Wow, again.

Friday, May 17th

Arrived in Flagstaff yesterday evening, checked in to our hotel and drove a short distance into the old historic district off Rte 66 to stroll around and find some dinner. Another lovely little town with lots of eateries and interesting shops. We settled on the local brew pub recommended by my niece, and Bill’s cousin, Helen Sturm. A couple of pints and a Greek salad later and we were both ready for the hay pile. That’s when I realized we’d gained another hour and are now on Pacific time. So early to bed by accident.

The weather was surprisingly cool and we slept with the sliding door to our balcony open. I was awakened a few time by BNSF freight trains rolling through town but had a very satisfactory sleep in spite of that. Something about the sound of trains, especially at night. We were both up pretty early (time warp), took advantage of the hotel gym to get in a decent workout, then drove in to town again for a classic Rte 66 diner breakfast in a place that doubled in the evening as a Chinese restaurant. And where you could also drink beer at the counter. Diner, Chinese, Saloon. The Swiss Army knife of establishments. Food was excellent.

After that we split up for a couple of hours. I holed up in a laundromat while Bill scratched his guitar itch in a couple of music stores. He made a pretty good tour of downtown on foot and I got some trip planning done in between wash cycles. When we reconnected in the early afternoon, we both agreed the trip was starting to catch up with us. We’re tired today. So we headed to the Grand Canyon with no agenda other than to find our hotel at the South rim, complete some reconnaissance for a hike tomorrow, get some dinner and get to bed early.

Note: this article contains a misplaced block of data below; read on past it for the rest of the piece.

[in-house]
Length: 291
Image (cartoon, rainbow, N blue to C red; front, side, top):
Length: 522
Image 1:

The drive North to Grand Canyon National Park took us back through the Navajo reservation which was almost completely deserted save for the occasional mini-mart gas station deal and a few informal roadside trinket stands. It was overcast and windy and cool with a red flag fire warning in effect. A little depressing. The park entrance was manned by a older ranger who couldn’t or wouldn’t answer any of our questions about directions or the weather or what might kills us. Perhaps the sequester prevented him from being the slightest bit helpful. So we drove on uninformed until we found the first turnoff to the canyon. Wow and Holy Shit (again). There was the Colorado River. The same river we’ve been following and crossing on and off for days. And now it was a tiny little ribbon at the bottom of the biggest hole in the ground…anywhere. A mile deep. A mile. As I said before, the National Parks don’t cheat you.

We found our hotel and did a quick two mile loop from our room to the canyon edge and back. There’s a whole town here. And tourists. And lots of animals roaming around. And we’re thrilled and exhausted and need to regroup tomorrow and hike some of this and give a more coherent report. But this is really cool.

Random thoughts for the day. Only two. Bill is seriously afraid of mountain lions and for the first time on this trip we have warnings about them. I’m afraid of heights and…well, how much worse can it get than here? The crosshairs.



3 thoughts on “Wow, again.

  1. Mountain lion thoughts:
    1. yes, they are out there, but not everywhere.
    2. they don’t want to see you either.
    3. if you see big “dog” tracks without claw marks, that’s a mountain lion
    4. if you have seen warning signs, do not spend time under bluffs or big tree branches
    5. if you do meet a lion,
    stand tall, wave your arms, make noise (i.e.look as big as you can)
    do not lean down or bend over, even to pick up a rock, you will look vulnerable
    I have never met a mountain lion but have seen plenty of warning signs posted in hiking areas around here, I have seen the above clawless tracks several times. There have been local encounters with hikers, but very rarely.
    Bottom line: be careful but don’t let it spoil your fun.

    Fear of Height thoughts
    See Bottom line above.

  2. A few years ago, i was in Lone Pine and the Alabama Hills doing some shooting. We noticed the big “dog” tracks in an area that we had been in a couple of hours earlier without seeing them, and knew a lion was nearby. It was an amazing feeling….very humbling. Fear of heights is just using your brain in my opinion. My maker wanted my feet planted firmly on the ground. just sayin’. xo

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